Game 3 airs on NBCSN at 7 p.m. ET on Sunday. You can watch online and via the NBC Sports App; click here for the livestream.

 

Latest goalie interference mess: Oilers get penalty, not goal

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Ah, goalie interference. Does the fun ever start?

Arguably the most irritating facet of the 2017 Stanley Cup Playoffs reared its pesky head once again on Friday, as the Edmonton Oilers saw a would-be 2-0 goal disallowed in the first period of Game 2 against the Anaheim Ducks.

The goal wasn’t just disallowed, either, as Mark Letestu was given a minor penalty.

One would imagine that there are opinions for or against the goal (and penalty counting); there are also many who are just getting a little worn out by the uncertainty surrounding such calls. Tomas Holmstrom is nodding his head so hard right now, everyone.

Here’s one unhappy take:

Moments after this post went up, the Oilers made it 2-0 for real this time. Check out the game here.

Math may help build Vegas Knights, but biggest aim is not being boring

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Unlike Pierre Dorion, it sounds like Vegas Golden Knights GM George McPhee would rather listen to analytics-minded people rather than … you know, hit them.

As McPhee readies for the expansion draft, he told The Star’s Kevin McGran in Q&A that they’ll at least be factored into decisions.

I’ve been really fascinated by how revealing that data can be. You have these kids speaking a different language. But I’m convinced it has a really important place in this game. You have to pay attention to it, and you have to use it.

Naturally, the real question with McPhee and other executives comes down to how much they will lean on analytics. Some teams seem to pick and choose when to listen to such voices, ending up with an odd mix of moves that please and unnerve the “fancy stats” community.

Owner Bill Foley gave a good idea of how much they’ll lean on stats vs. more traditional approaches in an interview with the Vegas Hockey Hotline back in February, which was transcribed by The Hockey Writers’ Keith Scheessele.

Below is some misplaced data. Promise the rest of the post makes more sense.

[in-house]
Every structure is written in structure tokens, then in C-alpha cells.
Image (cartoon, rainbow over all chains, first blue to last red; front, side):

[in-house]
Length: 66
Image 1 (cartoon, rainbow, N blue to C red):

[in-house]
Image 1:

“Analytics is not going to drive how we draft,” Foley said. “Analytics are going to supplement what the scouts are seeing. We’re going to rely on the scouts and what they recommend.”

(Foley also spoke of rating players in 10 different categories, which started to make one think about how old sports video games could only quantify skills in so many ways. Anyway …)

So, it sounds like McPhee & Co. will take a modern approach – a mixture of the old and the new – rather than going full-on bold and revolutionary like, say, the Cleveland Browns or Golden State Warriors.

Considering the mystery of roster quality one faces with the Vegas Knights, it honestly might be most important that McPhee is repeatedly stating that he doesn’t aim to put together a boring hockey team.

Hey, if it takes a while to be good, at least the Vegas Knights might fit with their environment and put on a show.

Tarasenko’s two goals help Blues tie series with Predators

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One of the (many) remarkable things about the St. Louis Blues dispatching the Minnesota Wild was that they didn’t need a ton of production from Vladimir Tarasenko. He didn’t score a goal until the clinching game of that series.

The Blues needed more from him tonight, and he responded with two huge goals to help St. Louis win 3-2 in Game 2, tying the second-round series at 1-1.

Tarasenko scored the opening goal on that major power-play opportunity from the Vernon Fiddler knee on Colton Parayko, while Joel Edmundson wisely got out of the way to let Tarasenko nab the game-winner.

That ended up being the decisive factor as the Nashville Predators finally lost their first game of the postseason.

St. Louis must be breathing a sigh of relief for a number of reasons. The series shifts to Nashville for Games 3 and 4, so going down 2-0 might have been lethal.

Even beyond that, the Blues had some breaks go their way that likely won’t repeat to the same degree in future contests. The Predators didn’t receive a single power-play opportunity while St. Louis spent significant chunks of the contest on the man advantage, going 1-for-5 (but again, that includes a major).

The Blues also won despite what must have been a frustrating start. They only managed a 1-1 tie after the first 20 minutes despite holding Nashville to a mere three shots on goal.

The Predators also managed leads of 1-0 and 2-1, yet the Blues kept fighting to get back in this series. Game 3 will air on NBC at 3 p.m. ET on Sunday. You can watch online and via the NBC Sports App (Click here for the livestream link).

* – That said, he made a lot of commotion to set up Edmundson’s overtime game-winner from Game 1. That connection continued on Friday, as you likely noticed.